It’s just been one of those action-packed days around the NHL today, folks.
Congratulations on your retirement, Brooksy! pic.twitter.com/qzZxrDf9CL
— Pittsburgh Penguins (@penguins) June 25, 2019
Orpik was a loyal soldier during his 11 seasons with the Penguins, right down to definitely having an opinion on Dan Bylsma’s firing but definitely not sharing it with reporters after he was long gone and a member of the Washington Capitals.
On top of the Orpik stuff, it was qualifying offer day across the NHL. Usually just a formality with restricted free agents in order to retain their negotiating rights, the Pens sent offers to Joseph Blandisi, Adam Johnson, Teddy Blueger, and Marcus Pettersson. Of those, only Marcus Pettersson is not eligible for arbitration
Basically, this gives the Penguins the chance to match any offer sheet should it come these players’ way (it won’t).
Onto the next step of the negotiation process prior to the season opening on October 3rd at home against Buffalo.
Like that segue?
This year, the Penguins have 17 back-to-back games, up from the 11 they had last year and down from the 19 they had the season before, with the first one coming October 18 and 19 when the Stars and Knights come to down and immediately followed up by another 3 days later in Sunrise and Tampa.
Or, if you prefer to see it all laid out in time: pic.twitter.com/eX8dLfPXQH
— Micah Blake McCurdy (@IneffectiveMath) June 25, 2019
Other notable games include:
First game against the Flyers: 10/29
Early Islanders rematch in a home-and-home: 11/19 (Pittsburgh) and 11/21 (Barclays Center).
Stanley Cup Champion Blues come to town: 12/4
Western Canada Road Trip: 12/17 (Calgary), 12/20 (Edmonton), 12/21 (Vancouver)
Mountain/Desert Road Trip: 1/7 (Vegas), 1/10 (Colorado), 1/12 (Arizona)
First game against the Caps: 2/2, in Washington
California Road Trip: 2/26 (LA), 2/28 (Anaheim), 2/29 (San Jose).
After the trip to Cali, the Pens finish up the season with 18 games, 14 of which are against Metro Division opposition, including a 10 straight game stretch from March 7th (at home against Washington) to March 24th (at home against Carolina) where they only play Metro teams. They’ll see Carolina 4 times in March as well as Washington, Jersey, and the Rangers each twice. They’ll finish the regular season on April 4th in Ottawa.
If there was ever a run of games that will make or break the Penguins season, it’s the March death trap. Holy hell.
Finally, the Hockey Hall of Fame Class of 2019 was announced today and some familiar names are on the list.
THE CLASS OF 2019: Congratulations to Guy Carbonneau, Vaclav Nedomansky, Jim Rutherford, Hayley Wickenheiser, Jerry York & Sergei Zubov, who have been elected for induction into the @HockeyHallFame – https://t.co/vjjwu2ZckN#TSNHockey pic.twitter.com/W4SlTL73zc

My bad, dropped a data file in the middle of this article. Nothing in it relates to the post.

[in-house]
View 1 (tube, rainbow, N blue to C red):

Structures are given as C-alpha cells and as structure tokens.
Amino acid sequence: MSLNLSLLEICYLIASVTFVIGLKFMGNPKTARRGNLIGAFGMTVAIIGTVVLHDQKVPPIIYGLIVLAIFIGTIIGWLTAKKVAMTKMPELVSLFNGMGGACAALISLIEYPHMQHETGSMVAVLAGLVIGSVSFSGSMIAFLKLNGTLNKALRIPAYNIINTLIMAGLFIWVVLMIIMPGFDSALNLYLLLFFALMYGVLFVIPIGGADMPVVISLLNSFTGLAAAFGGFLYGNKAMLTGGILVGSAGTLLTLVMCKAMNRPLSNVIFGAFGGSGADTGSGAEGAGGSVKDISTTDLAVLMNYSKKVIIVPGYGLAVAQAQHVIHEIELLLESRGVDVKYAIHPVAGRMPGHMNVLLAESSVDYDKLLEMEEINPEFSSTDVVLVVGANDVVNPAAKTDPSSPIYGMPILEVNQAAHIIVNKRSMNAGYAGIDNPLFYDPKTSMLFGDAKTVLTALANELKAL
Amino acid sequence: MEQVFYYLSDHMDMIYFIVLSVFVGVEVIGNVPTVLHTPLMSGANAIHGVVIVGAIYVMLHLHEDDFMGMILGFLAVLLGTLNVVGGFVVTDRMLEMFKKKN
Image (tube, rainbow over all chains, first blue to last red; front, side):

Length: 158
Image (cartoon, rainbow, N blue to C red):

— TSN Hockey (@TSNHockey) June 25, 2019
Guy Carbonneau is a strange choice, but Wickenheiser and Zubov are absolutely no-brainers here, with Zubov’s coming almost 23 years to the day after he was sent from Pittsburgh to Dallas in one of the weirdest trades in Penguins history. This after he came off a season where he registered 66 points in 64 games with the Penguins.
From Sean Shapiro of The Athletic about that day:
A short conversation at the draft table helped the Dallas Stars pull off one of the biggest trades in franchise history on June 22, 1996. According to multiple accounts, the conversation went something like this between Stars general manager Bob Gainey and Pittsburgh Penguins general manager Craig Patrick.
Patrick: Would you be interested in Sergei Zubov?
Patrick: We’d want Hatcher.
Patrick: No, Kevin.
Gainey hung up the phone and asked the rest of the Stars representatives at the draft table, “Is there any reason we wouldn’t trade Kevin Hatcher for Sergei Zubov?”
The bottom line? The Penguins thought getting a more stable defensive player in Hatcher was worth parting with Zubov. “I guess management decided to get a more defensive player. That’s the way it is,” Zubov told the Fort Worth Star-Telegram in 2001. “Maybe they did want me to shoot more. I always want to make a play, maybe even a fancy play. I think that’s the beauty of hockey.”
While the trade was a beautiful thing for Dallas, it’s a bit of a sore spot for Penguins fans. Hatcher played three solid seasons in Pittsburgh, but the hindsight of giving up on Zubov – especially after he won a Stanley Cup – still stings a bit in western Pennsylvania.
Meanwhile, GM Jim Rutherford gets the nod as a “builder,” having won 3 Stanley Cups across two different franchises as GM:
Jim Rutherford's GM career has to be one of the strangest of any HOFer. Three Stanley Cups (with two different teams!) puts him in rare, elite company. But his teams also *missed* the playoffs far more than they made them.
— Adam Gretz (@AGretz) June 25, 2019
Hard to argue with GMJR’s inclusion here and it will surely be met with a very nuanced and normal discussion about his current roster construction and missteps with the Penguins, but at the end of the day, winning is all that matters to get into the HHoF and he has certainly done that 3 times so far.
So congrats to the old man for that achievement.